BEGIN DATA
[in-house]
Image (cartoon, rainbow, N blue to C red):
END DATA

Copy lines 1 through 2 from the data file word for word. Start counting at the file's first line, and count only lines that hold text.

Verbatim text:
[in-house]
Image (cartoon, rainbow, N blue to C red):